Richard II is a play that I am very fond of. Richard became king at the age of ten and the play provides a moving look at what this may do to a person who is forced to grow up only seeing himself through the warped perspective of a world where he is treated as a divinely ordained, all powerful king, while at the same time being forced to rely on others in order to fulfil that role. Richard discovers himself to be a flawed and vulnerable human being too late as the relentless real politik of the usurper Henry Bolingbroke destroys him and the prop of kingship- his only reality- is taken away. He is capricious, needy, childlike, arrogant, artistic, impulsive, petulant, a sensitive and thoughtful man at heart who would have been better suited to a life in the Arts than kingship. He is an easy target for both hangers on who want to take advantage of him and achieve favour and those enemies who are ruthless enough to take him down. This is a story of regime change and the toll it takes on those involved- above all the king himself- and it is told in some of the most beautiful poetry that Shakespeare ever wrote. It is a play that can break your heart.
You never hear the part of Richard being talked about as a “mountain” in the way that Hamlet or Lear are but looking back at that list of words I have picked out to describe aspects of his character it probably should be. I have seen some great Richards over the years. David Tennant has some natural advantages for the role. He has the physical presence, a natural elegance and beauty, that any actor playing Richard needs. He has a facility to speak the verse well and a quicksilver mind which makes the speeches easy to understand. Watching him we certainly believe in the less admirable aspects of Richard’s character. He is very good at the public Richard, imperious and spoiled to a fault and particularly good in the deposition scene. This is Richard’s parting shot at Bolingbroke, he is toying with him, making sure that he goes down under protest with all flags flying. It’s one of Shakespeare’s great scenes and he does it proud. What he didn’t quite reach, for me, was the sensitivity and poetry at the heart of Richard, an otherworldly quality which touches the heart. This is a very difficult balance to strike in order to turn the audience’s sympathies around. We should feel as ambivalent as Bolingbroke himself about Richard’s downfall. While we can see that a king who is utterly unsuitable to rule needs to go we also need to feel desperately sorry for him as a man, flawed like all of us, learning what he needs to know too late to allow him to become a wiser, humbler Richard.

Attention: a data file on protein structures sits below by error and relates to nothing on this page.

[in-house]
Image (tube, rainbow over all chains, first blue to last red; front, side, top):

Bolingbroke is played with uncompromising toughness by Nigel Lindsay. This is a real bruiser of a man and there is no doubt what he is after. It is only after he is sure of getting it that the doubts which will follow him for the rest of his life begin to grow. This is nicely suggested by the figure of Richard looking down on him once again at the end of the play. just one among many fine directorial touches from Greg Doran.
The real joy of this production for me were three great performances from three experienced Shakespearian actors, Jane Lapotaire as the Duchess of Gloucester, Michael Pennington as John of Gaunt and Oliver Ford Davies as the Duke of York. You could wait a lifetime to see those three parts played better. The grief and anger of the duchess was visible, real and searing and watching John of Gaunt tear into Richard after giving us the most beautifully spoken and heartfelt manifesto of his reasons for doing it in the this England speech was a very fine sight indeed. I would buy myself another ticket simply to see that again. I also liked Oliver Rix as Aumerle, York’s son. He is a confused young man, blinded by his love for Richard and the performance was very well thought through and strongly played.
This is a very beautiful production to look at, made with enormous attention to detail from traditional old style theatrical magic, gobbos and gels given a new dimension by modern technology. The design by Steven Brimson-Lewis and lighting by Tim Mitchell gives us a shimmering cathedral made from light and curtains of beads, backlit undergrowth under a red moon, a cold blue shadowy prison and a moving platform right across the stage, a great asset for any production of this play, showing off Richard in his pomp giving great flexibility to the cast and director and moving the play along with great speed as a scene is transformed in an instant. It is the kind of setting that Shakespeare’s most beautiful verse deserves.
I would like to end by saying one or two things specific to the live relay. I am getting quite used to them now but this was the first I have seen that almost gave me the sense that I was sitting in the audience at the stunning new Royal Shakespeare Theatre. It was beautifully produced, pointing us towards key moments and reactions, as well as giving us a sense of the larger picture. I do wish though that the producer of it had remembered that the audience are not necessarily Shakespearean novices who need to be told what the opening scene contains as the lights go down. These live relays sell out weeks in advance and most of us are only there because money and/or time does not allow us to be there in the audience, sitting in the theatre as we would really like to be. Please don’t patronise us. I also wasn’t comfortable seeing two of the actors, Jane Lapotaire and Michael Pennington, interviewed live during the interval. They were charming, insightful and in Jane Lapotaire’s case very moving but it just wasn’t appropriate- even though their parts were over for the evening.